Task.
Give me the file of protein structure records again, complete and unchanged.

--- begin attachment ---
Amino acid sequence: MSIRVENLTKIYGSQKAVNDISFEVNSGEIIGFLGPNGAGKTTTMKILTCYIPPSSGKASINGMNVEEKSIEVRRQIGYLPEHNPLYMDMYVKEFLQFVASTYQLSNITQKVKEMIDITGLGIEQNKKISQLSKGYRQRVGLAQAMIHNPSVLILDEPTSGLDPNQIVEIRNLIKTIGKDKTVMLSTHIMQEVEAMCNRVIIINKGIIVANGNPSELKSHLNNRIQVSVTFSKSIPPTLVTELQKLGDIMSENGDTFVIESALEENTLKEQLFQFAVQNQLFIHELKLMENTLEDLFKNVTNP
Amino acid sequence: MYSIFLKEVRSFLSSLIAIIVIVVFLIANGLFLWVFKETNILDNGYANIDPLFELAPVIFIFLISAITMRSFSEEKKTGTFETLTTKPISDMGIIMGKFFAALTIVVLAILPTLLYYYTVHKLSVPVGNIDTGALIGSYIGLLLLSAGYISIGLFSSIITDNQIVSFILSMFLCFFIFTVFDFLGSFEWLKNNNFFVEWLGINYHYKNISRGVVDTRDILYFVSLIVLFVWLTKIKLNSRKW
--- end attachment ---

Amino acid sequence: MSIRVENLTKIYGSQKAVNDISFEVNSGEIIGFLGPNGAGKTTTMKILTCYIPPSSGKASINGMNVEEKSIEVRRQIGYLPEHNPLYMDMYVKEFLQFVASTYQLSNITQKVKEMIDITGLGIEQNKKISQLSKGYRQRVGLAQAMIHNPSVLILDEPTSGLDPNQIVEIRNLIKTIGKDKTVMLSTHIMQEVEAMCNRVIIINKGIIVANGNPSELKSHLNNRIQVSVTFSKSIPPTLVTELQKLGDIMSENGDTFVIESALEENTLKEQLFQFAVQNQLFIHELKLMENTLEDLFKNVTNP
Amino acid sequence: MYSIFLKEVRSFLSSLIAIIVIVVFLIANGLFLWVFKETNILDNGYANIDPLFELAPVIFIFLISAITMRSFSEEKKTGTFETLTTKPISDMGIIMGKFFAALTIVVLAILPTLLYYYTVHKLSVPVGNIDTGALIGSYIGLLLLSAGYISIGLFSSIITDNQIVSFILSMFLCFFIFTVFDFLGSFEWLKNNNFFVEWLGINYHYKNISRGVVDTRDILYFVSLIVLFVWLTKIKLNSRKW